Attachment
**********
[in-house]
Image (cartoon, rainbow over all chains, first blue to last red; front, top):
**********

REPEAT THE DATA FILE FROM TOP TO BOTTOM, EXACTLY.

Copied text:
[in-house]
Image (cartoon, rainbow over all chains, first blue to last red; front, top):